Temporomandibular Joint Dysfunction (TMJ)

Temporomandibular Joint Dysfunction (TMJ)

National Organization for Rare Disorders, Inc.


It is possible that the main title of the report Temporomandibular Joint Dysfunction (TMJ) is not the name you expected. Please check the synonyms listing to find the alternate name(s) and disorder subdivision(s) covered by this report.


  • Costes Syndrome
  • Impostor Disease
  • Myofascial Pain-Dysfunction Syndrome
  • Pain-Dysfunction Syndrome
  • Temporomandibular Joint Syndrome
  • TMJ

Disorder Subdivisions

  • None

General Discussion

Temporomandibular joint (TMJ) dysfunction is a general term for a group of conditions that affect the temporomandibular joint. The TMJs are small joints that connect the lower jaw (mandible) to the temporal bone of the skull. TMJ dysfunction is characterized by pain of the jaw joint that is made worse during or after eating or yawning. It can cause limited jaw movement and clicks and pops during chewing. In severe cases, pain can radiate into the neck, shoulders and back.


TMJ dysfunction is characterized by pain affecting the jaws. The pain may also involve the eyes, ears, teeth, head, neck, shoulders and back. Sometimes there is ringing in the ears (tinnitus), dizziness and loss of equilibrium. Difficulties of movement in the jaw can result in swallowing and chewing problems. About 85 percent of affected individuals feel pain on only one side usually in the temple, cheek, and front of the ear. The pain may be constant or come and go.

In some cases, the jaw may lock in an open or closed position. Affected individuals may also experience swelling on one side of the face, painful clicking, popping or grating when opening or closing the mouth (e.g., when chewing), an inability to open the mouth fully or comfortably, repeated headaches, earaches (otalgia), and hearing problems. Some affected individuals may experience a sudden change in the way the upper and lower teeth meet (malocclusion).


There are many suspected causes of TMJ dysfunction. The only definite cause is trauma to the jaw as from a heavy blow to the mouth. For example, jawbone dislocation from a blow during a car accident or fall may cause TMJ dysfunction. The jaw joint can be dislocated without force from outside the body (e.g., from strained opening of the mouth).

TMJ dysfunction may also occur secondary to myofascial pain dysfunction (MPD) syndrome or due to internal damage to the temporomandibular joint (true articular disease). MPD syndrome affects the chewing muscles. Muscle spasms, often caused by grinding the teeth, create facial pain that may spread to nearby muscles.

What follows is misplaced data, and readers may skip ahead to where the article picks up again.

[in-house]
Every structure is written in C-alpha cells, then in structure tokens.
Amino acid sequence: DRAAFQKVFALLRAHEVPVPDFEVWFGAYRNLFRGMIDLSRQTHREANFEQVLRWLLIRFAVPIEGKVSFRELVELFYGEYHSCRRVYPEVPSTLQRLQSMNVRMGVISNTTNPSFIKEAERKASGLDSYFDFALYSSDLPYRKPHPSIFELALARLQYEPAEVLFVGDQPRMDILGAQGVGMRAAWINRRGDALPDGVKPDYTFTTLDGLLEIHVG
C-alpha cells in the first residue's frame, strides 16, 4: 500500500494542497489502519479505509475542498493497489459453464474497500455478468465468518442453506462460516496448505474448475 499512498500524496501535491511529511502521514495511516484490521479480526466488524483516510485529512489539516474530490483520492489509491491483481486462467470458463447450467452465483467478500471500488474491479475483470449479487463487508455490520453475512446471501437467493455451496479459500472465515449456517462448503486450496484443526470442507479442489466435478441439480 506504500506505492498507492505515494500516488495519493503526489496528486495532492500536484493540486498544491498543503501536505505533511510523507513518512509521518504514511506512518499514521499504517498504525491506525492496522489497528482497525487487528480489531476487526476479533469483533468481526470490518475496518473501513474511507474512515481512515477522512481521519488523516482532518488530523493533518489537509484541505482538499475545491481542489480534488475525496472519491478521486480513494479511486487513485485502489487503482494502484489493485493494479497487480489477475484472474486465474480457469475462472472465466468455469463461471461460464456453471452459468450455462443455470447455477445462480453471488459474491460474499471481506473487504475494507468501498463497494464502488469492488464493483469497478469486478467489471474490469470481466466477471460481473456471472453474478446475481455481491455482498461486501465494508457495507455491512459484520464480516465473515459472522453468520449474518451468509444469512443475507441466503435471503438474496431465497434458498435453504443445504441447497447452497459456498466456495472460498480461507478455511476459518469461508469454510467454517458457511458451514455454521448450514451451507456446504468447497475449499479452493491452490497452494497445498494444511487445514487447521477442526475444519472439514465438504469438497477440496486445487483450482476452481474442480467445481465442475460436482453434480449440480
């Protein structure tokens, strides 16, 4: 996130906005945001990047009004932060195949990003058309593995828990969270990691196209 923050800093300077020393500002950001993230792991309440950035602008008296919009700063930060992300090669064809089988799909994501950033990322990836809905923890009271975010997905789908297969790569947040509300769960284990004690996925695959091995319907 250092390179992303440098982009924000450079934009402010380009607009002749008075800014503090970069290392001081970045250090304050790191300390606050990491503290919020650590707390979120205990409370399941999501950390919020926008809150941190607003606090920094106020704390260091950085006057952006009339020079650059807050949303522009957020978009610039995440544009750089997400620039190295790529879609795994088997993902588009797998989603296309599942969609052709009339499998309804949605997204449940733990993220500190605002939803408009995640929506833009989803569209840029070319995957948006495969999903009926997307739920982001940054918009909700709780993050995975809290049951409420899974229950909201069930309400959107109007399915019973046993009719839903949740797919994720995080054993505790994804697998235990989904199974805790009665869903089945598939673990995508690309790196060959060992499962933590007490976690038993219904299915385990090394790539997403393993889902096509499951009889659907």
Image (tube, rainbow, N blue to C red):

True articular disease may result from degenerative joint disease (osteoarthritis), systemic arthritis conditions, fibrous ankylosis, infections, or dislocation or displacement of the jaw.

Degenerative joint disease may cause cartilage-like tissues wear away from the jaw joint. This alters movement and creates a crackling sound when the jaw moves. Inflammatory joint disorders occur when membranes on the sides of the disk become inflamed due to rheumatoid arthritis. Chronic restricted jaw movement such as fibrous ankylosis, occurs when fibrous tissue forms in the joint reducing jaw movement. Left untreated it can "freeze" the jaw. Joint growth disorders cause the jawbone to continue to enlarge after growth should have stopped. This causes the bite and joint movements to become abnormal.

Functional causes of TMJ dysfunction include breakdown of the support provided by the teeth or most commonly grinding of the teeth (bruxism).

Affected Populations

TMJ dysfunction is a common condition of adulthood that affects females three times more often than males. It is most common in women ages fifteen to forty-four. People between the ages of 30-50 are most often affected.

Standard Therapies


A diagnosis of TMJ dysfunction may be made based upon a thorough clinical evaluation, a detailed patient history, identification of characteristic findings, and certain x-ray tests that show the condition and shape of the jaw.


Treatment of TMJ dysfunction varies according to the individual person's needs. Many affected individuals will only require conservative treatment including the application of heat or cold (e.g., heating pads or icepacks), eating soft foods, and special exercises to stretch or relax facial muscles. Anti-inflammatory drugs may be prescribed in some cases.